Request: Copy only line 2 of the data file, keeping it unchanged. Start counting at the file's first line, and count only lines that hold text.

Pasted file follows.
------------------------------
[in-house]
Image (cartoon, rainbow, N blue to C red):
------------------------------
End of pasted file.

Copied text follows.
Image (cartoon, rainbow, N blue to C red):